In Genesis 12:10-20, Abram (not yet Abraham) brought his wife to Egypt to obtain food because there was a severe famine in the land. In this infamous episode, Abram tells his wife, Sarai, to tell anyone that asks that she is his
What always strikes me about this story is the radical selfishness of Abram. Yes, this man is the father of the faithful. This man left his family, life, and everything he had ever known and went to Canaan in obedience to the word of God. Yet, in the very same chapter, we see this example of Abram’s selfishness and cowardice. Rather than protecting his bride, Abram decided to save his own skin. Rather than relying on God to protect and bless him and his wife, Abram relied on his own cleverness. There is really only one word to describe Abram’s actions in this narrative: selfish.
Chapter 13 is quite different. Abram’s behavior in chapter 13 is a direct contrast to his behavior in chapter 12. In chapter 13, we are told that Abram was very rich. He was dwelling with his flocks, and with his nephew Lot. However, there was conflict between Abram’s herdsmen and Lot’s because there was not enough room in the land for both of them. Abram said to Lot, “Let there be no strife between you and me, and between your herdsmen and my herdsmen, for we are kinsmen. Is not the whole land before you?” (Genesis 13:8-9) Rather than putting his family in harm’s way to look out for his own self-interest as he did in chapter 12, Abram defers to his nephew Lot by giving him the choice of the land to end the conflict. In this culture, the younger would submit to the older. Also, God promised Abram this land, not Lot. Nevertheless, Abram offered Lot his pick of the land, trusting that God would fulfill His promises to Him no matter what. Abram’s behavior is absolutely selfless.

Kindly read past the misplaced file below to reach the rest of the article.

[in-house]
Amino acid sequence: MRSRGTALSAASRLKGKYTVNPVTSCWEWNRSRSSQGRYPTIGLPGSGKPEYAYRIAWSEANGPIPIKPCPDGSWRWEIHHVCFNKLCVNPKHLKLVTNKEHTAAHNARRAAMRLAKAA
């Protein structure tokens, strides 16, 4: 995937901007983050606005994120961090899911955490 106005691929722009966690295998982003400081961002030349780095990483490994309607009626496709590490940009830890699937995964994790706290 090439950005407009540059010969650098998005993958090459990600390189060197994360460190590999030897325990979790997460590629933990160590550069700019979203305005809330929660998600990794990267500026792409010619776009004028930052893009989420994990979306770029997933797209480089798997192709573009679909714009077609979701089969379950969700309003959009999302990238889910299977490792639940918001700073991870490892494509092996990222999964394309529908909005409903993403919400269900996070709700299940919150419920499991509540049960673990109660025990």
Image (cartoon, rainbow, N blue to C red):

Chapter 12:10-20 teaches us that, even though Abram acted in faith toward God by following Him to Canaan, he was still a sinner that acted in selfishness. Chapter 13, however, teaches us that God was working in Abram to make him less selfish and more concerned about the interests of others. This doesn’t mean Abram is perfect from this point on. As we will see in our study of Abram, he will repeat this same mistake again in Genesis 20. It means that, now that Abram has trusted in God and followed Him, God is now working within him to make him more like Himself. More selfless. More giving.
In this way, Abram is a model for us. We should be quick to defer to others, and consider them more significant than ourselves (Philippians 2:3). However, Abram also points forward to an ever greater example for us: the One who, in the ultimate act of condescension, considered all of His people as more significant than Himself, and humbled Himself to the point of death, even death on a cross (Philippians 2:5-8). Rather than clinging tightly to our rights and freedoms, let us lay them down to serve others. Let us, like our Lord, be willing to lay down our interests for the sake of others.